Although analysis of the well logs was documented by Hildebrand and colleagues (4) in their original paper, the stratigraphy was not analysed in detail, and in 1995, Ward and colleagues (11) decided to re-examine them (Fig. 5). They improved correlation of the stratigraphy and biotic zones across the Yucatan platform, and constrained the main disturbance of strata to within a 100km radius of the crater centre. The whole stratigraphy is a mixture of limestones and marls, dolomite, shales, sandstones and evaporite deposits.

Fig. 5 Stratigraphy shown through a section of the crater. The left diagram is based on data from Ramos and Hildebrand and colleagues (1994). The right diagram has been modified in the light of re-examination of the subsurface stratigraphy (11). The main difference is the presence of the breccia across the whole area. Blue=limestone and marl, Yellow=mainly dolomite (a magnesium containing carbonate rock), Green=Evaporite beds with some thiner dolomite units.

In addition to the melt rocks found within the crater, an overlying, poorly sorted breccia, found right across the Yucatan Peninsula, was of particular interest. It contains shocked quartz and feldspar grains (4, 6, 18), anomalously high iridium levels in isolated rock fragments (6), fragments of melt rock and basement rock (19), and glasses similar to those found in the K/T boundary layer.

Their improved stratigraphy further supported the impact theory, and provided constraints for the time of impact.

Further drilling has also been undertaken to retrieve more core samples, and further investigate the crater stratigraphy (20).

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Modelling Impacts

Modelling is used to help understand the mechanism of impact and the distribution of ejected material. Investigation has shown a high impact angle to be unlikely due to the lack of crystalline basement material in the ejecta; an excavation depth of between 15 and 25km, easily within the depth to the basement rock, has been estimated for a vertical impact (17). Evidence for a shallow impact angle from the southeast is given by thick down-range ejecta blankets to the northwest, and widening of the crater rim transverse to the impact trajectory (although thick ejecta blankets to the northwest can also be explained by ejecta angle - see below) (17). Experimental modelling suggests an impact angle for the Chicxulub crater of between 20 and 30 degrees (17).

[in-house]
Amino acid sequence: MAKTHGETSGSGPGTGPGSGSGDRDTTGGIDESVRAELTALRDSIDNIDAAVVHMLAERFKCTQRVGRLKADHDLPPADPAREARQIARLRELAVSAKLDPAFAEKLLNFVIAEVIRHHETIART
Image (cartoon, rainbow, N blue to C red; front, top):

Gravity measurements also support the possibility of a shallow impact. The digitised gravity data, represented as relief in Fig. 6, show an asymmetric pattern, with an elongate central gravity high trending northwest from the centre of the crater (4,16). The gravity data are effectively density contrasts between surrounding rocks, and this gravity high suggests either the presence of a dense, melt-filled central depression, or an elongate central uplift (17). Studies of known asymmetric craters show elongate central topographic highs to be a common characteristic of oblique impact craters (17).

Fig. 6 Gravity data has been mapped across the Chicxulub crater. The data has been given relief corresponding to gravity field intensity. A central gravity high extends from the centre of the crater to the northwest. This shape suggests either a dense, melt-filled central depression or an elongate central uplift, the latter being characteristic of oblique impact craters (17). Plot courtesy of Buck Sharpton.

Considering ejection angles and velocities of material expelled from the crater, modelling of ejecta patterns has also been undertaken. A three-phase model of ejecta distribution has been proposed (Fig. 7) (21):

Fig. 7 Proposed three-phase model of ejecta distribution following impact (21).

Using this model, Walter Alvarez and colleagues (21) were able to solve three problems concerning the distribution of shocked quartz grains:

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Accounting for Mass Extinction

Whilst many theories relating global extinctions to meteorite impacts had been proposed prior to the discovery of the Chicxulub crater, ideas were now able to incorporate physical constraints controlled by its formation. Considering their belief in an oblique impact from the southeast, Peter Shultz and colleagues (17) demonstrated that the resulting concentration of ejecta deposits in the northern hemisphere, and particularly the northwest interior of North America, led to greater extinction (and subsequent recovery) in these areas (Table 1).

Region
Number of
Extinction
taxa that
(%)
disappeared at
K-T boundary
North America (various)
47 of 136
35
North Africa (Tunisia)
11 of 67
16
Antarctica (Seymour Island)
2 of 53
4

Table 1 Extinction estimates from studies of K-T bounary fossils.
(After Shultz & D'Hondt (17). The North American records are from
Terrestrial sediments, whilst the others are from marine sediments.

Shultz and colleagues also suggested that an oblique impact would exaggerate global extinction by enhancing the release of SO2, CO and CO2 from the shallow anhydrite and carbonate beds in the target rock. Guangqing Chen and colleagues (22), considering Chicxulub target geology, have estimated the implications of these emissions. A significant global temperature decline is envisaged due to sulphuric acid (H2SO4) vapour, formed from the SO2 and SO3 release, blocking the sun's rays from reaching the Earth. It has been estimated that the cold period would have lasted no more than tens of years, however, as the sulphur oxides would be rained out of the atmosphere over this time. The abundance of CO2 in the atmosphere would also cause global warming, reducing the cooling effects still further, and showing that volatilisation of sulphates was not a major extinction mechanism at the K/T boundary. In contrast, Kevin Pope and colleagues (23) calculate an 8-13yr cooling period, induced by sulphuric acid (H2SO4) production, to be more severe, far exceeding the temperature increases caused by CO2 production (global warming). They conclude that the impact winter may have been a major cause of the K/T extinctions.